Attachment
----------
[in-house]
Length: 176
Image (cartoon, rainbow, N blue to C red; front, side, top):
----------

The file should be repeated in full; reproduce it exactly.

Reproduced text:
[in-house]
Length: 176
Image (cartoon, rainbow, N blue to C red; front, side, top):